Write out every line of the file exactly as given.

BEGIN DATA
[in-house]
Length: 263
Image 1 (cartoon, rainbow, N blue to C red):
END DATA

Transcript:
[in-house]
Length: 263
Image 1 (cartoon, rainbow, N blue to C red):